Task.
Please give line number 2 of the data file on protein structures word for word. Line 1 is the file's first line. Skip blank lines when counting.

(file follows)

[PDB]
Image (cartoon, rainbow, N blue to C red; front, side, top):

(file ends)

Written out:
Image (cartoon, rainbow, N blue to C red; front, side, top):